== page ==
WASHINGTON (Reuters) - U.S. President Barack Obama’s administration is dispatching senior intelligence officials and Secretary of State John Kerry to brief members of Congress and staff about the Islamic State militant group in the coming weeks, congressional aides said on Thursday.
Kerry will testify to members of the House of Representatives Foreign Affairs Committee during the week of Sept. 15, an aide said.
And officials from the Office of the Director of National Intelligence and the National Counterterrorism Center will brief congressional staff on Friday, before Congress returns on Monday from its August recess.
Some lawmakers have contended that Obama should seek congressional authorization for airstrikes in Iraq against the Sunni militants. However, it is not clear whether such a vote would take place this month or whether he needs Congress to approve the limited actions already under way.
The rise of the Islamic State is expected to be an issue in campaigning for the Nov. 4 congressional elections.
House Majority Leader Kevin McCarthy said in a memo to fellow Republicans on Thursday that the Obama administration had been “too passive” in allowing militants to gain strength.
Signaling Republican intentions to use accusations of Democrats’ mismanagement over Iraq and Syria as a campaign issue, he chided the administration over a U.S. Forest Service article on roasting marshmallows with healthier ingredients such as fruit instead of chocolate.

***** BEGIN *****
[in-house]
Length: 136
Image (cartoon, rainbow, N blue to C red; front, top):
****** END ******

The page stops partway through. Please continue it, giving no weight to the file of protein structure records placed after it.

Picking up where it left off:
“For the things that government is supposed to do - like confront terrorist groups - we don’t have a strategy, but for things Americans are supposed to be able to do for themselves - like figuring out the best ingredients for s’mores - government bureaucrats have that figured out,” McCarthy said.
Lawmakers are due to leave Washington again late this month and will not return until mid-November.
Obama has formally informed Congress about air strikes and other military activity in Iraq to counter the threat from the Islamic State, as he is required to do under the War Powers Act.
However, the act gives presidents authority for only temporary military action, and Obama would have to seek Congress’ approval for a campaign lasting more than 60 days.
Several lawmakers - both Republicans and Obama’s fellow Democrats - have complained that the administration has failed to consult them sufficiently or present a strategy for dealing with the Islamic State.
Participants in Friday’s classified briefing will include staff from House leaders’ offices and national security committees.
Additional reporting by David Lawder; Editing by Doina Chiacu and Lisa Shumaker